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  11. PolishHeadlock Putin Belt

    PolishHeadlock
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    I got Zain over Molinaro.
     
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  12. PolishHeadlock Putin Belt

    PolishHeadlock
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    I think he had a 2 year window after the Olympics because he wasn't beating JB imo.
     
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  13. Daniel Fox Green Belt

    Daniel Fox
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    First of all I would like to say that I would rate Askren as one of the top 5 folk style wrestlers in history. Yes he did have losses, but with the exception to one person, everyone should have losses, if they don't it usually means their competition sucks. Askren does some bizarre stuff that would not work for 99% of the population, and it would be foolish to teach it to new wrestlers. For example Askren would do a lazy shot and get sprawled on with his arms fully extended. For 99% of the population this is the worst position you can be in, however Askren would thrive in that position. Due to his flexibility, lanky build, and his scrambling ability he could take a lazy shot and not get smashed, in fact when he did this he would usually end up with the point. I actually give Askren credit for this because he does things that I am sure he was told by many coaches not to do, it worked for him and with his tremendous self confidence he developed a very exciting style of wrestling. Askren was one of if not the most exciting folk style wrestlers to watch.

    What Askren does is not a Noob trap for Askren. It worked for him, and I give him props for going against the grain, but honestly, like I mentioned before I do not think it would work for 99% of the population. There are many moves he did do that would work, and certainly are not "Noob Traps" but a lot of his moves would get most wrestlers in trouble, to be honest the same goes for most great wrestlers, they have genetic gifts that most of us do not have.

    Many of his signature moves, more specifically his funk rolls, would actually give points to his opponents (for example a 2-2 roll) in a freestyle match. I don't doubt that he could have excelled in Freestyle, but he would have had to change his style drastically from the way he wrestled in college. Abbas, and Cross did have funky styles in college but they adapted it for freestyle, I imagine Askren could have done the same, but we may never know.
     
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  14. rmongler Brown Belt

    rmongler
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    I'll be the first to say me using terms like that was for the purposes of hyperbole; the point though was to draw parallels with (hence the scare quotes)/illustrate an underlying dynamic, which i hope was understood.

    As defensive and counter-attacking methodologies i have little criticism for funking; in fact, for these purposes i think it is great. I understand that going beyond analysis or even constructive criticism and into contradiction of the way(s) a well known high level athlete does things carries significantly more social risk than either of the former ('well who the heck are you to think you know better huh?'); if it helps you at all do not consider this is a personal attack on Askren's 'worthiness' of a wrestler in general; my main sticking point concerns the study of film of Askren's college matches specifically, and what lesions, principles, or essentials one might derive from it.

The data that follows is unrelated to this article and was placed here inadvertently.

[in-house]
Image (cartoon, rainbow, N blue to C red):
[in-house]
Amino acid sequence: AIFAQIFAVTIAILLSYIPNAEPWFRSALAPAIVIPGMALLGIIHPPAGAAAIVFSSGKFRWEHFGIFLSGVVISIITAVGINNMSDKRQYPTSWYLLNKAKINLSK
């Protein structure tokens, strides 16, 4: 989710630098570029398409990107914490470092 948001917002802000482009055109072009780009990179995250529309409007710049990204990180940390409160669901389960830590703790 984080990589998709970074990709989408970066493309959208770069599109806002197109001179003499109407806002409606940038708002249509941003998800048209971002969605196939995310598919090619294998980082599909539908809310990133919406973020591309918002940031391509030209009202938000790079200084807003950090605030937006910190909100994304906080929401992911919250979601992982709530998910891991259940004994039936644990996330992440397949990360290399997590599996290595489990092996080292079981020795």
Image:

Let me modulate this right here: i do not mean this to be hyperbolic, so don't take it as an absolute or comprehensive statement, but as indicating a component dynamic that trends higher on a continuum, relative to other methodologies; when you look at his feats, one of the big take aways i get is, 'this is a sublime display of superior prescience, mat sense, and balancing'. That is to say, that he did what he did in itself was a demonstration of above and beyond such manner of ability. Or in other words, when little timmy is asking you how he can do that; "well that easy timmy, all you gotta do is be more talented than your opponent"; "thanks coach, i'll get right on that".

    I've mentioned before that i had been studying several different Schalles Award winners, particularly wrestlers who have won it more than once (eg, Scott Moore, Taylor Walsh, Ben Askren, and Zain Retherford), to see how they did what they did, if there were any commonalities amongst them, and what lesions could be taken way. In preliminary brushes i had in fact found some certain common threads, such as convergence onto certain rides (crossbody with power half was very common), or certain offensive tendencies (often a preference for takedowns that can lead directly into exposure from neutral, such as the reverse headlock). Askren however, stood apart; a data point incongruent with trends observed elsewhere.

    When you've got a case of someone winning big in ways noone else is, it occasions a reductive first question; are they so great as to succeed ultimately despite their methodology? Or are their methods in fact more essentially virtuous than their competition in a way that others theretofore or since failed to appreciate? (Or is it, because they are so great, they can access such greater methods otherwise inaccessible to lesser competitors?).

    To give an example, I have never really seen someone in greco-roman do things much the same way Karelin had, but watching his film, i found it easy to appreciate the methods underlying his dominance; in particular, his chronic and insistent pursual of the inside two-on-one/reenforced armdrag control (which, for lack of a term i could find, i've called 'polearm control'). Without fail, he would reach for that 2on1 arm drag position, and none of his opponents could really do anything about it except stall, which of course just got them penalized, putting them on the ground, where he would then go to his patented bodylock attack. He did pretty much the exact same stuff for over a decade, and noone ever really scouted him out on it; only father time took that L.